Nintendo Reportedly Doesn't Want Players to Spend Too Much Money on Mobile Games

Nintendo has reportedly asked mobile game companies to tone down the aggressiveness of microtransactions in their releases, even correcting an imbalance in the popular Dragalia Lost out of ethical concerns.

A new report by the Wall Street Journal states that a source familiar with Nintendo's business strategy said the company sees the games as more of a way to promote its brand and console games than big revenue sources. WSJ believes that Nintendo doesn't want to be criticized for being greedy in its smartphone games.

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'Dragalia Lost' will release on Sept. 27 Nintendo/Cygames

Nintendo has made some headway in the mobile game space since 2016, when it launched its first mobile title Super Mario Run. That title, which was a hybrid runner/platform game featuring Mario characters was "free-to-try" before it went behind a $10 paywall.

Since then, Nintendo has released mobile titles that leaned heavily on daily log-ins and gacha mechanics with microtransactions while remaining free-to-play. These titles include: Fire Emblem Heroes, Animal Crossing: Pocket Camp, and Dragalia Lost, the first new IP from Nintendo created strictly for smartphones.

Dragalia Lost was developed by CyberAgent Inc. and contains lottery-like elements to unlock new characters similar to Fire Emblem Heroes. According to the report, players criticized Draglia Lost for making it too hard to obtain the rarest (usually the most powerful) characters and Nintendo asked the company to adjust the odds to avoid consumers from spending too much.

"Nintendo is not interested in making a large amount of revenue from a single smartphone game," an official at CyberAgent told the WSJ. "If we managed the game alone, we would have made a lot more."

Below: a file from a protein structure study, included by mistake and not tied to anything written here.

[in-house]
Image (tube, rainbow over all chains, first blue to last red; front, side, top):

After a sluggish start, Draglia Lost has seen its user base grow thanks to "aggressive ad campaigns" but the company revealed that revenue from players has fallen short of projections.

Dragalia Lost earned an estimated $3.5 million in its first five days and $28 million in its first month. The mobile game made $50 million in player spending in the months after launch. Fire Emblem Heroes, which is Nintendo's most successful mobile game to date, earned $75.8 million in the same amount of time.

DeNa, which was Nintendo's first mobile game partner and developed Super Mario Run and Animal Crossing: Pocket Camp, acknowledged their smartphone game business is in a slump. Every title except for Megido 72, a game they developed alone, is struggling Chief Executive Isao Moriyasu told WSJ.

Aside from the delayed Mario Kart: Tour, Nintendo announced that a Dr. Mario mobile game from Line Corp. is on the way.

What do you think of Nintendo's stance on mobile game transactions? Let us know in the comments section below.